CalArts celebrates the 100th birthday of legendary animator and Chouinard Art Institute alumnus, Chuck Jones (1912-2002) with a special program at REDCAT on Sept. 26.
Disney and Pixar Chief Creative Officer John Lasseter (Film/Video BFA 79) introduces the evening's program, which features the screening of Lasseter's favorite Chuck Jones cartoons. In a New York Times interview, he touched on Jones’ enduring appeal, stating,“Jones’ comic timing is the best it’s ever been in cinema…. I still watch his cartoons today, and they’re just as funny as ever.”
In a career spanning more than six decades, Jones created 300 films, earning him three Oscars as director and an honorary Oscar for Lifetime Achievement. The animator is perhaps best known for his work bringing life to Warner Brothers most famous characters–Bugs Bunny, Daffy Duck, Elmer Fudd and Porky Pig, and personally creating Road Runner, Wile E. Coyote, Marvin Martian, Pepe le Pew and Michigan J Frog.
Jones said that he never intended to be an artist: At 15, his parents took him out of high school and enrolled him at Chouinard, one of two predecessor institutions that merged to form CalArts (the other being Los Angeles Conservatory of Music). When reflecting on this experience he said, “I had no idea what I was going to do there, or why I was at art school, but it was something I liked.” After graduating in 1930 he went on to work for Warner Bros.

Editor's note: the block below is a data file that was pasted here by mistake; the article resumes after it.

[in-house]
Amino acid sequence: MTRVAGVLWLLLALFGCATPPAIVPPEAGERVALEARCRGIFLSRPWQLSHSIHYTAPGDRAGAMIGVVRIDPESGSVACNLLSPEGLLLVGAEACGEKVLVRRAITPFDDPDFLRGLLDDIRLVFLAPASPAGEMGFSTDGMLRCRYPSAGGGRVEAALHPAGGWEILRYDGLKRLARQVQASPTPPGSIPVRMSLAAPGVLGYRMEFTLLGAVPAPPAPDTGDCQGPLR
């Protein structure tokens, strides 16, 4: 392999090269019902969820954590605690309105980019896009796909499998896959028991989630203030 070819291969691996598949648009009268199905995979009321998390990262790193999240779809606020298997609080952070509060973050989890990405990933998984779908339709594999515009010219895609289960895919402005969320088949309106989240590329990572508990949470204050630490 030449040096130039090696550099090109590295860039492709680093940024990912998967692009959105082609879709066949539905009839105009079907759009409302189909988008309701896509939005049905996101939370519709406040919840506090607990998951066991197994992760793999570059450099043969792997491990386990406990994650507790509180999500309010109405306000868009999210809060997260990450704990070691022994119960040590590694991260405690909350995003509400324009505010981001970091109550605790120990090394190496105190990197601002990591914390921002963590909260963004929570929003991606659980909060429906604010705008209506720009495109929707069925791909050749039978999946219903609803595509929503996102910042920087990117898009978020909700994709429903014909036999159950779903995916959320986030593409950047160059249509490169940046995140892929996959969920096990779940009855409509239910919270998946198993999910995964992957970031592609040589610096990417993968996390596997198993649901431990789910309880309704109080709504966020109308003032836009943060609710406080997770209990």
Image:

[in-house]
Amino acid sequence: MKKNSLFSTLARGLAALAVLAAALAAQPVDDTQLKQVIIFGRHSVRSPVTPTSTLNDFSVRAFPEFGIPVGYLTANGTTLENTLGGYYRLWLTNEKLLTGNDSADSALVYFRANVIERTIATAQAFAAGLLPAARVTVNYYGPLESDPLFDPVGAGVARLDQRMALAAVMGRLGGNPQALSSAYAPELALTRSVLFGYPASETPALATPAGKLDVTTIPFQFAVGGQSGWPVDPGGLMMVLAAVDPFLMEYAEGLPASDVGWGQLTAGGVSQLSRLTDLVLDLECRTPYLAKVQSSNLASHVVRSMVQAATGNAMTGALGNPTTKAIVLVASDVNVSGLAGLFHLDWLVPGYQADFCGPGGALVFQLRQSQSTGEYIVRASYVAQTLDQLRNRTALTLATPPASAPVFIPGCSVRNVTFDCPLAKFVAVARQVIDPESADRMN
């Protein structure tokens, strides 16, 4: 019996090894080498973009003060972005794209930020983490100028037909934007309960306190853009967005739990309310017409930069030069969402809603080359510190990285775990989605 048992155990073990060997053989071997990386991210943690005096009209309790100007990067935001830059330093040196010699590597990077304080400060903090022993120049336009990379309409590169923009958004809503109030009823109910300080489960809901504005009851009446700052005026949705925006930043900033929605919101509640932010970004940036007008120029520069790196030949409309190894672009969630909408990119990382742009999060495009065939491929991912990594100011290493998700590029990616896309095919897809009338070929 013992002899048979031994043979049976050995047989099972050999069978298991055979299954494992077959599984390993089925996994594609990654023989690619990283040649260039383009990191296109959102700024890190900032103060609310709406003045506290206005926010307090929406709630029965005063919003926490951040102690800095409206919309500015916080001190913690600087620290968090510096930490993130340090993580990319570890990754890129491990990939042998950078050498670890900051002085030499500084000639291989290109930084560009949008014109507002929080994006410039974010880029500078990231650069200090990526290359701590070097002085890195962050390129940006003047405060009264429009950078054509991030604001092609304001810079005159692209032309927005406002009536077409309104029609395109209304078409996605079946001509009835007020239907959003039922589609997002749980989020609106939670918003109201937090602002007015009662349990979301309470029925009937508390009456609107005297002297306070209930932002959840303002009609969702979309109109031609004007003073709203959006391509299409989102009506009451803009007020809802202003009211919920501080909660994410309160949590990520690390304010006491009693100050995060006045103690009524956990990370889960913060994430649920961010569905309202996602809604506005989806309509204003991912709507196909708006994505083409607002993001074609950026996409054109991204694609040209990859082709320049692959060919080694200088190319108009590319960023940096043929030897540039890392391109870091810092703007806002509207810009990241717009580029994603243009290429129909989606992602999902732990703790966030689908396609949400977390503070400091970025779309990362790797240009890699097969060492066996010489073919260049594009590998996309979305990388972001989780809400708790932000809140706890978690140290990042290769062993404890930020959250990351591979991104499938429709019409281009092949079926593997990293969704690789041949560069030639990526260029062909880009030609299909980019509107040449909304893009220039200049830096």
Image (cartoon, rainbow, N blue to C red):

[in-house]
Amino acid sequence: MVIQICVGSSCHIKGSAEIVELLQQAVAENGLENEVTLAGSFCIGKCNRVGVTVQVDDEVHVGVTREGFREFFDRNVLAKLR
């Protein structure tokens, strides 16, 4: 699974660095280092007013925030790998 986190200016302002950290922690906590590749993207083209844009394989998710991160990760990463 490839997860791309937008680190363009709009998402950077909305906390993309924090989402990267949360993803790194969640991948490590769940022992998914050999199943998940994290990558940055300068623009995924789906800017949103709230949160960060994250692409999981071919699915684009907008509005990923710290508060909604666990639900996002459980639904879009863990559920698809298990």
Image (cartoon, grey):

In a 2007 interview with Animation World Magazine, Jones gave this advice to the next generation of artists and animators.
AWM: Based on your years of experience in animation, what would you like to say to the young aspiring talent coming into the industry?
CJ: I think you’ll find that at any studio, they don’t want you to draw Bugs Bunny. They want you to be able to draw the human figure. If you look back through the history of art, all the way back to cave paintings, you’ll notice that the great painters always were able to paint with a simple line, just like we do in animation. The main thing is to learn how to do it, and then have something to say with your skills. Any writer will tell you that it doesn’t do any good to write if you don’t have something to say.
Proceeds for this event benefit the Joe Ranft CalArts Alumni Scholarship Fund and the Chuck Jones Center for Creativity.